But things change.
Social media has exploded in the last ten years.
My first foray into social media was Bebo back in 2007. You set up a profile and.... yeah, I think I only really mucked around with making it look pretty. Then there was Tagged. That was a waste of space, and emails from this site still clog up my email account because it is such a mission to delete your Tagged account.
At some point in 2008 I was asked to join Facebook by someone (I forget who). Here started a relationship with social media that lasts to this day. Facebook has kept me connected with so many people and reconnected me with many others. I am in contact with old school friends, university friends, old workmates and friends I have made along the way, extended "extended" family, politicians and with professionals I know.
In 2011 I joined Twitter. I mostly use this for professional education purposes as well as union and political postings. Occasionally I tweet jokes, irrelevant rubbish and a personal rant, but it has opened up a whole new world of people to interact with. I blogged about this in a post called Twitter as a Personal Learning Network for Teachers back in July.
I also began this blog back in 2011, the same day as I joined Twitter at the end of ULearn11. I had been to a couple of breakouts that focused on using Blogger and Wikispaces as social media in schools and classes.
Some time ago, I came across this blog post called Responding to Teachers' Questions: A Social Media Recipe for Educators? This blog includes a YouTube video by the author, Julian Vasquez Heilig aka @ProfessorJVH, who is a professor at an American university.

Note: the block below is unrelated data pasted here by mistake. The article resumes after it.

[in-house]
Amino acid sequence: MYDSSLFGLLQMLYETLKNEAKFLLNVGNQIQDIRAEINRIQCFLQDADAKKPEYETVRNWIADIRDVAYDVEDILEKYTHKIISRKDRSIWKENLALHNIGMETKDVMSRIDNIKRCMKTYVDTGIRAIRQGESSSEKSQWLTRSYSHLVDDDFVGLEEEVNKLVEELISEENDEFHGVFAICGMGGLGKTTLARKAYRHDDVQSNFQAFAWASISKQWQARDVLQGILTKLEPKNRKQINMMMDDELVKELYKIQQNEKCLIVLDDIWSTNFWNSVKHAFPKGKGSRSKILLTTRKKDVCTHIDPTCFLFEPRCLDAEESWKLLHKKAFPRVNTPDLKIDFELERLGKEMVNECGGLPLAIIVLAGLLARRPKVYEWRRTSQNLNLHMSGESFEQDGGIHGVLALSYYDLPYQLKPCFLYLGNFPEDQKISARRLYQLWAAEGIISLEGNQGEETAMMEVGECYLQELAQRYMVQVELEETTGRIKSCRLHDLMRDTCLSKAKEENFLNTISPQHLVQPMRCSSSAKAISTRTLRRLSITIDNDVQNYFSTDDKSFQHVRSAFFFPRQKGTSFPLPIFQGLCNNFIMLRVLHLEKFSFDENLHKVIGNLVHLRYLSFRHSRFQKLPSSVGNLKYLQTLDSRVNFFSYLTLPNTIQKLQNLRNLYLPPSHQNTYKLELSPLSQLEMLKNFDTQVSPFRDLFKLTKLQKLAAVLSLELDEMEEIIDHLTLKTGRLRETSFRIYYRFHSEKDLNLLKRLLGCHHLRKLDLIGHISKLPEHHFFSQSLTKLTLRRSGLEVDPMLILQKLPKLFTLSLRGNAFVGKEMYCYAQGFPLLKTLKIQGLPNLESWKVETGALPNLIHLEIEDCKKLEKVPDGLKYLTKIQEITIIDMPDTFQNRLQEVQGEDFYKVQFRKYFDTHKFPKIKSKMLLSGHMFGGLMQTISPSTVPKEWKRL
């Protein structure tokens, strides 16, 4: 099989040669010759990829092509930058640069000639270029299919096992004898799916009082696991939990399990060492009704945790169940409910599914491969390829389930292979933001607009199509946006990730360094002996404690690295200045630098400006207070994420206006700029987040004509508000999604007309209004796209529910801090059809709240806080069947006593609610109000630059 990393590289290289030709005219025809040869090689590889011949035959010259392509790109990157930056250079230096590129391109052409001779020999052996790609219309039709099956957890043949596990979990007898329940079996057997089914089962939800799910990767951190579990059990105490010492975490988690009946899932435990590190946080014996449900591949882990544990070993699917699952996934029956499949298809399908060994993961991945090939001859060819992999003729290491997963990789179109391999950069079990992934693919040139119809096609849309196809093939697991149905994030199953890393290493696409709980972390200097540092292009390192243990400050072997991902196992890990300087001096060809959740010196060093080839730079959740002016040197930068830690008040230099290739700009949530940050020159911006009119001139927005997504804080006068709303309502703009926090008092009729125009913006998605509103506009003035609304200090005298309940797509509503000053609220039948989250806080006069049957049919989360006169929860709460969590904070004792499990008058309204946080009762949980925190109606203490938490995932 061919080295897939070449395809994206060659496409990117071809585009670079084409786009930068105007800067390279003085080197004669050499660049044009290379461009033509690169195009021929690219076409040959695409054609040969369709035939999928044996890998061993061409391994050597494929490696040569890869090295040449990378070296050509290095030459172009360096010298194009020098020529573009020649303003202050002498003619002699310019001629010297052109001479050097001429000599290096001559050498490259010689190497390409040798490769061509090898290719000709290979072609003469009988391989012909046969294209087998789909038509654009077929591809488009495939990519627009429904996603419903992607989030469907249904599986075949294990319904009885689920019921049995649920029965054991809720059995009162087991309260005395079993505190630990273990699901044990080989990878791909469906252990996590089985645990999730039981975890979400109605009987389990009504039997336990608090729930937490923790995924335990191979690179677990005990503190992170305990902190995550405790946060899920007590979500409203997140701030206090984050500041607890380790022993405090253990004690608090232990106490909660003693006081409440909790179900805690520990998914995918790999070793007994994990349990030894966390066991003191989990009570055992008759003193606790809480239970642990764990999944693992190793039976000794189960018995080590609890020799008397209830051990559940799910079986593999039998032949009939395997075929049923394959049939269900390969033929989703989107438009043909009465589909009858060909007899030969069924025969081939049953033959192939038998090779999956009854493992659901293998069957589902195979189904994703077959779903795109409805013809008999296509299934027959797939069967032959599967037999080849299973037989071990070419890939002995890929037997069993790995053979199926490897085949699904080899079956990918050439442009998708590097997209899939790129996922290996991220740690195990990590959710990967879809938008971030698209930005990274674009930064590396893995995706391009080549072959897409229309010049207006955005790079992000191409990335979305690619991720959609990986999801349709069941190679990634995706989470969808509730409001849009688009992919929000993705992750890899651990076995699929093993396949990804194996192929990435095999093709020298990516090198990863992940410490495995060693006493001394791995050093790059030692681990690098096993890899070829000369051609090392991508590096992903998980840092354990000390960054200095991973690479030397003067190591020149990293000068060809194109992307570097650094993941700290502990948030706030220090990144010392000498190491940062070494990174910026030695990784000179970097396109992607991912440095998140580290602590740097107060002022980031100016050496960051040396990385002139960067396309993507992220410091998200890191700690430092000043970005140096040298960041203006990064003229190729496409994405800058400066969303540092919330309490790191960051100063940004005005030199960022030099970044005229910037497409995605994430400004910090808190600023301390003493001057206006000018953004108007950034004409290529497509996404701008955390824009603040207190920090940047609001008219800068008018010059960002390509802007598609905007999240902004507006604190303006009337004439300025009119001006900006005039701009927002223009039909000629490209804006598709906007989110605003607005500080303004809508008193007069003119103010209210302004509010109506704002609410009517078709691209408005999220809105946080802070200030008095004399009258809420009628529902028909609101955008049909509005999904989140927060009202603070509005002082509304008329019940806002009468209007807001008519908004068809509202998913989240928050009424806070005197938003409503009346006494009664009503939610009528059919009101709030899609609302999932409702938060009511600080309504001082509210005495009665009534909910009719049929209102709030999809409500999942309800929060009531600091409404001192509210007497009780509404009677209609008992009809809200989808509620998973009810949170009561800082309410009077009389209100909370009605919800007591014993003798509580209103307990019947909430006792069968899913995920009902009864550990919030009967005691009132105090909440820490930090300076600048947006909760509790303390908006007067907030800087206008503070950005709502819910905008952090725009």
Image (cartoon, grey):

The Professor opens his blog with this statement and the following questions:
Is there a recipe for social media? What are the secrets? Should I blog? I was recently asked to respond to a series of questions submitted by a group of teachers. I recorded my responses to them on YouTube. See the questions and responses below.
- How (and why) did you develop an interest in social media?
- How did you start? Blog, Twitter, Forums?
- What have been your main challenges? How do you keep it up?
- What kind of responses do you get? Could you share an example?
- How do you navigate the personal/professional line with students and your social media presence?
- Why do you think it is important for educators to use social media?
- What would be your advice to other teachers who are getting started, or who would like to grow online?
How did you start? Blog, Twitter, Forums? What have been your main challenges? How do you keep it up?
I've already described my introduction to social media above and how I got into Facebook, Twitter and Blogging. Everyone would now say I'm a bit of an addict. I shall own that. And that in itself is a challenge, because social media can sometimes be hard to keep up with.